Eradicating child poverty was rightly at the forefront of Labour policy in 1997 and its pledge to end child poverty by 2020 was universally welcomed.
To mark the original 2020 deadline for ending child poverty in the UK, UNISON is proud to have produced a collection of essays by leading researchers and policy leads on where we are now and what we need to do next to help eradicate child poverty in the UK.
UNISON General Secretary Dave Prentis said: “Child Poverty is a blight on our wealthy nation – it affects the life chances of the very foundation of our society.
“At this time more than any in recent history we see the vital need to address inequality of all kinds so we can all weather the shocks and trials thrown at us on an equal footing.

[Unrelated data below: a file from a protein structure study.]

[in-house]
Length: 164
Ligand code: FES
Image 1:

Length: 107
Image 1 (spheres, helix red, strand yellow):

“UNISON is proud to have produced this timely booklet looking at what still needs to be done in this vital area.”
The most recent statistics show that there were 4.1 million children living in poverty in the UK in 2017-18. That’s 30 per cent of children, or nine in a classroom of 30.
The last Labour government cut child poverty on a scale and at a pace unmatched by other industrial nations during the period 1998–2010.
But those gains now seem hopelessly off track in the face of the Conservative led coalition government abandoning the Child Poverty Act soon after entering office, and then spending ten years pursuing an austerity agenda which has consistently impacted children.